Credit Suisse shares soar after central bank offers lifeline

GENEVA (AP) — Shares of Credit Suisse rose Thursday after the Swiss central bank agreed to lend the bank up to 50 billion francs ($54 billion) to bolster confidence in the country’s second-biggest lender after the collapse from two US banks.

Credit Suisse announced the deal before the Swiss stock market opened, sending shares up as much as 33% before settling around a 17% gain, to 2 francs ($2.15), in late afternoon trading. That was a huge turnaround from the day before, when news that the bank’s largest shareholder would stop injecting more money into Credit Suisse sent its shares down 30%. The fall in prices dragged other European banks down and deeper concerns about the international financial system.

European bank shares also rose slightly on Thursday.

The Swiss National Bank on Wednesday said it was ready to support Credit Suisse as it meets higher financial requirements imposed on “systemically important banks”, adding that the problems at some US banks do not pose a “direct risk of contagion” to Switzerland.

Regulators try to reassure savers that their money is safe. They “don’t want anyone to be the person who sits in a darkened room or darkened movie theater and yells fire, because that’s what causes a rush to the exit,” said Russ Mould, investment director at online investment platform AJ Bell.

Credit Suisse, which was plagued by problems long before U.S. banks went bust, said the central bank’s loans would give it time to complete a reorganization designed to create a “simpler and more focused bank.”

“These actions demonstrate a bold move to strengthen Credit Suisse as we continue our strategic transformation,” CEO Ulrich Koerner said in a statement.

Despite the banking turmoil, the European Central Bank approved a large rate hike of half a percentage point to try to curb stubbornly high inflation, saying the European banking sector is “resilient” with strong finances.

Luis de Guindos, Vice President of the European Central Bank, said at a press conference that European banks’ exposure to Credit Suisse is “quite limited”.

Higher rates fight inflation but recent days have fueled concerns that banks may have caused hidden losses on their balance sheets.

Central banks in the US and Europe have moved quickly to restore confidence after the collapse of Silicon Valley Bank last week, the second largest bank failure in US history.

US authorities moved quickly to guarantee all deposits held by the California-based bank and the smaller Signature Bank of New York. The US Federal Reserve also announced additional funding to ensure other banks could meet depositor needs.

Similarly, the UK government and the Bank of England facilitated the sale of Silicon Valley Bank’s UK arm to HSBC, one of Europe’s largest banks, to ensure customers would have access to their money.

The rapid response differs from what happened at the onset of the global financial crisis 15 years ago, when US authorities collapsed the investment banking giant Lehman Brothers.

The loans to Credit Suisse “should prevent a Lehman moment, much to the relief of markets and investors,” said Victoria Scholar, chief investment officer at the online investment service known as Interactive Investor. “This is a bank that has been around since 1865 and has played an important role in supporting the growth of the Swiss economy.”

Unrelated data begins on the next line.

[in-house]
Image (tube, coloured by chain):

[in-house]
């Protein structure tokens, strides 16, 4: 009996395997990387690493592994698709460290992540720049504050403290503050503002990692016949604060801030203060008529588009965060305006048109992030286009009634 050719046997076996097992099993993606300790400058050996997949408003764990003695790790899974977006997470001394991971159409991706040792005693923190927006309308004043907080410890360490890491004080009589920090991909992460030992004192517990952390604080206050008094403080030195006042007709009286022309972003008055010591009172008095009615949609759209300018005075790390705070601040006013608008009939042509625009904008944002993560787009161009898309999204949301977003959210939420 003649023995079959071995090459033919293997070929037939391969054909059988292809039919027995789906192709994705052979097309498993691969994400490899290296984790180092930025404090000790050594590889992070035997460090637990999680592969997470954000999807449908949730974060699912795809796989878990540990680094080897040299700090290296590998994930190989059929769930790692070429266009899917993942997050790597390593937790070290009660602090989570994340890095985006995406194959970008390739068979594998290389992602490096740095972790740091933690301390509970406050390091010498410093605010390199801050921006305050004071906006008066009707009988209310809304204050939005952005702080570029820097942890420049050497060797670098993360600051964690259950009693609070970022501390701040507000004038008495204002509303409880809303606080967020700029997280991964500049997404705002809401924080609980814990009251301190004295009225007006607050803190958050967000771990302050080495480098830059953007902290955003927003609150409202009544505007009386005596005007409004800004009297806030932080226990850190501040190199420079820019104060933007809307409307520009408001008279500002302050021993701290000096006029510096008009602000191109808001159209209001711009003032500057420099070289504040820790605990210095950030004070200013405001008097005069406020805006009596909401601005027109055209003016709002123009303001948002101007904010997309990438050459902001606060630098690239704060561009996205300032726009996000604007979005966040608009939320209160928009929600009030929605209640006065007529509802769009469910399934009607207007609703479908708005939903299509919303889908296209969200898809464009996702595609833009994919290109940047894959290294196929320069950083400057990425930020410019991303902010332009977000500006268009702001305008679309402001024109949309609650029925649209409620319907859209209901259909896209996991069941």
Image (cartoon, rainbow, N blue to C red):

ECB President Christine Lagarde said that during the financial crisis, banks are “in a totally different position than they were in 2008”.

After that crisis, Europe strengthened its banking guarantees by transferring supervision of the largest banks to the central bank.

“Crises are never exactly the same,” she said, “but the architecture of our banking system, the framework within which they operate, the oversight that is exercised over the banking system have all improved significantly.”

Banks are under pressure after interest rates rose rapidly after a long period of historically low interest rates.

To increase returns on their investments, banks had to take on more risks, and some “did so more cautiously than others,” said Sascha Steffen, a professor of finance at the Frankfurt School of Finance & Management.

As a result, some banks are now experiencing a shortage of “liquidity”, meaning they cannot sell assets fast enough to meet depositors’ demands.

Shares of Credit Suisse fell to a record low on Wednesday after the Saudi National Bank said it would not put more money into the Swiss lender to circumvent regulations that take effect if an investor’s holding rises above 10%.

Credit Suisse also reported that managers had identified “material weaknesses” in the bank’s internal controls over financial reporting late last year. That sparked new doubts about the bank’s ability to weather the storm.

The stock has had a long, sustained decline: now trading for just over 2 francs ($2.15), the stock was valued at more than 80 francs ($86.71) in 2007.

The Swiss bank has been pushing to raise money from investors and roll out a new strategy to solve a range of problems, including bad bets on hedge fundsrepeated shake-ups from top management and a spy scandal involving Zurich rival UBS.

Outside a Credit Suisse branch, accountant David Glaus said on Thursday it was unlikely the Swiss government would allow such a major bank to fail, if only to protect the Swiss banking sector.

“It remains a Swiss bank. In the background, there are people who will support and protect it, because I don’t think it’s in our best interest if it goes bankrupt,” he said.

But he thinks the country has a fallback position to keep up appearances in the event of the worst.

“We still have chocolate and cheese anyway to keep up our image,” he said.


Kirka reported from London. AP reporters David McHugh in Frankfurt, Germany, Colleen Barry in Milan, and Joseph Krauss in Ottawa, Ontario, contributed.


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